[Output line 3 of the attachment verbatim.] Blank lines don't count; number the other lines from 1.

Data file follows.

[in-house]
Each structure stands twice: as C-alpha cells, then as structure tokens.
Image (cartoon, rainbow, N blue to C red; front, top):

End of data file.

Image (cartoon, rainbow, N blue to C red; front, top):